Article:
Understanding Your Homeowners Insurance Coverage

By Compuquotes Team on March 27th, 2008

Homeowners Insurance

Buying Homeowners insurance can be difficult if you're struggling to understand the language and terminology. Just what exactly is liability coverage? What's a deductible? Should you worry if your insurance agent tells you that there's an exclusionary clause for your home business equipment? Understanding the lingo can help you get the insurance coverage you need without paying extra premiums for coverage that is useless to you. Here's a quick glossary to help you understand your insurance agent when he seems to be speaking in a foreign language.

Liability Coverage
There are two basic types of Homeowners insurance. Liability coverage pays for damages accidentally caused to others by you, your family, pets or property. This is the coverage that will take effect if someone falls in your home or has their car damaged when a roof shingle comes loose and lands on their hood. This is sometimes referred to as injury to others', and it covers you anywhere in the world, not just on your own property.

Medical Payments to Others
Different from liability coverage, MPO coverage pays medical expenses for injuries that occur on your property whether or not you are liable for those injuries legally. This coverage will not pay medical expenses for injuries to your family or other residents on your property.

Actual Cash Value
This term usually refers to belongings in your home. Generally, if belongings in your home are damaged by fire, storm, vandalism, theft or any other covered occurrence, the insurance company will pay out the actual cash value' of the item rather than its replacement cost. If an electrical fire destroys the refrigerator for which you paid $800 ten years ago, you may only get $100 for it when depreciation and wear is deducted from its value.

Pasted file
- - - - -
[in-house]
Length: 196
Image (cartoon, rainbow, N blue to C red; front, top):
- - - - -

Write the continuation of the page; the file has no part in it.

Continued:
Replacement Cost Value
A popular alternative to Actual Cash Value coverage is Replacement Cost Value. You'll pay a little extra in premiums, but if your refrigerator is damaged in a covered event, you'll be able to replace it with a similar model at today's prices.

Fair Rental Value
If damage from a covered event makes your property uninhabitable for a period of time, your insurance policy will pay you fair rental value' or additional living expenses' so that you can pay for a rental or hotel room until the damage is repaired, within the limits set out in your policy.

Business Property
Most Homeowners insurance will cover the cost of replacing damaged or stolen equipment or property used for business up to $2,500. If you keep inventory for your home business or business equipment at home, you'd be wise to check into a rider' or floating coverage' for any business equipment or property that is regularly kept in your home.

A clause or addition to your Homeowners insurance that alters its terms or conditions. Riders are often used to insure specific items with value above that of the limit on your Homeowners standard policy. You may get a rider to insure a $5,000 mink coat, for instance, to be sure that its loss will be covered.

The amount you'll have to pay out of pocket before your insurance coverage kicks in. For instance, if you have a medical costs coverage with a deductible of $500, and the costs for someone injured on your property comes to $850, your insurance company will pay $350.

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